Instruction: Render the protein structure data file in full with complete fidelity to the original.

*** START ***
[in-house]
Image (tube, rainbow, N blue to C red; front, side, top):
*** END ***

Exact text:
[in-house]
Image (tube, rainbow, N blue to C red; front, side, top):